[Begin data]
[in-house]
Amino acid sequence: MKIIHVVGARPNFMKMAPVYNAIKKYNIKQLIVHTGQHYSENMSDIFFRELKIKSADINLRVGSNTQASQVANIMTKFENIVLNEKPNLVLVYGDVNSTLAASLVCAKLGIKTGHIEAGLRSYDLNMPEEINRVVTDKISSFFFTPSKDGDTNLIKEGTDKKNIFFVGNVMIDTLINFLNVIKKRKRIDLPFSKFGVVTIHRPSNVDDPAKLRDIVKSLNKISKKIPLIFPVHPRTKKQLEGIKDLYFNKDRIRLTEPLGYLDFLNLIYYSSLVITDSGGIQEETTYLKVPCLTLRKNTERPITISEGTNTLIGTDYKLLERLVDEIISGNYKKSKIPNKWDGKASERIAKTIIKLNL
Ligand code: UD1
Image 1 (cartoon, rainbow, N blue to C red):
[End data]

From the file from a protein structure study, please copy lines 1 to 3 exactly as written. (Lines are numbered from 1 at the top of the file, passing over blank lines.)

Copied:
[in-house]
Amino acid sequence: MKIIHVVGARPNFMKMAPVYNAIKKYNIKQLIVHTGQHYSENMSDIFFRELKIKSADINLRVGSNTQASQVANIMTKFENIVLNEKPNLVLVYGDVNSTLAASLVCAKLGIKTGHIEAGLRSYDLNMPEEINRVVTDKISSFFFTPSKDGDTNLIKEGTDKKNIFFVGNVMIDTLINFLNVIKKRKRIDLPFSKFGVVTIHRPSNVDDPAKLRDIVKSLNKISKKIPLIFPVHPRTKKQLEGIKDLYFNKDRIRLTEPLGYLDFLNLIYYSSLVITDSGGIQEETTYLKVPCLTLRKNTERPITISEGTNTLIGTDYKLLERLVDEIISGNYKKSKIPNKWDGKASERIAKTIIKLNL
Ligand code: UD1